First on EWN: World Rugby confirms SA could host 2019 World Cup

The 2019 Rugby World Cup could be moved to SA if Japan do not provide assurances by the end of this month.

FILE. 2015 Rugby World Cup trophy on board the HMS Iron Duke. Picture by: Aletta Gardner/EWN

CAPE TOWN - The CEO of World Rugby Brett Gosper has told EWN Sport that the 2019 Rugby World Cup could be moved South Africa if Japan do not provide them with assurances by the end of this month that they'll be able to successfully host the tournament.

Gosper was speaking from London on the eve of the 2015 edition of the tournament on the special feature podcast series, Road to Twickenham:

When pushed on whether any formal or informal discussions had taken place specifically with regards to South Africa being asked to step in and host the tournament, he merely said, "We've had no formal discussions."

It's understood though that the South African rugby leadership have been sounded out about the possibility of hosting the tournament having originally lost out to Japan, and having bid alongside Italy.

World Rugby's considering it's position for the showpiece following Japan revising it's plans for the tournament and withdrawing the proposal for the new national stadium to be built in Tokyo.

This venue was to be the centerpiece of the event and would have also formed a key element of the Tokyo Olympic Games in 2020.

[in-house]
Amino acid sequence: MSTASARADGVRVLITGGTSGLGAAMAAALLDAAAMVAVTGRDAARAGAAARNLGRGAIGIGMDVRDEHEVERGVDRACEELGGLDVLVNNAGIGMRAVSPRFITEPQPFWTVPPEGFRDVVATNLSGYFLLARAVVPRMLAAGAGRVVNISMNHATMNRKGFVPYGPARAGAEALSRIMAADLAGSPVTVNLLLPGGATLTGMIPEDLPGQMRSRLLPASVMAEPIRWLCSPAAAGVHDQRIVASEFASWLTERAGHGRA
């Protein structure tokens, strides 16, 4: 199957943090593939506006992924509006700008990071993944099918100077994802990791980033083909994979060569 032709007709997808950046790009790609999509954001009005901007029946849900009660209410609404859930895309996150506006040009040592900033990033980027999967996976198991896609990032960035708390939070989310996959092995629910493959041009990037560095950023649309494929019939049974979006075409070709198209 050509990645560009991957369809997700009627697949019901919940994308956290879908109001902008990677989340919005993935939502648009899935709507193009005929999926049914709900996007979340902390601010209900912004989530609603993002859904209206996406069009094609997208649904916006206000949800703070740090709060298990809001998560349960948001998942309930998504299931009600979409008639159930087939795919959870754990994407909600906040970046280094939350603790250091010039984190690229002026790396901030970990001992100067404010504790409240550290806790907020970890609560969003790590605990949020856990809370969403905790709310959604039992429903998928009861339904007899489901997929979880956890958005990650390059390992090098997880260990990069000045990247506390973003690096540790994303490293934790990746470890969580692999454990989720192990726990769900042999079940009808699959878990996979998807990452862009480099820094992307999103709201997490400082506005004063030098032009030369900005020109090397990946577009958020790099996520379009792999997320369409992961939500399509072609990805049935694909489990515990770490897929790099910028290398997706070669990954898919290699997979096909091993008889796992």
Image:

Gosper insists that no discussions have taken place yet, although it seems inconceivable that World Rugby would not already have started dialogue over a possible replacement for Japan.

"There haven't been any discussions with SA Rugby in itself. Obviously, in the unlikely event that there was an issue in Japan, it would make sense that the first people you would consult would be the other two contenders at the time, which were Italy and South Africa. As I say we don't envisage that being the situation, we are very confident that Japan will deliver on the requests that we've made to them in terms of reassurances on the 2019 World Cup."

Gosper says that they remain optimistic Japan will still be able to meet it's obligations.

"I'm extremely confident that the Japanese will come up with a contingency that will satisfy our requirements but Rugby World Cup's are so important for World Rugby that we have to be absolutely sure of the certainty of our revenue streams flowing from that problem that we've had with the national stadium leaving. We're confident that they'll sort that, they have until the end of September, and the indications that we're getting is that we'll have those reassurances that we require."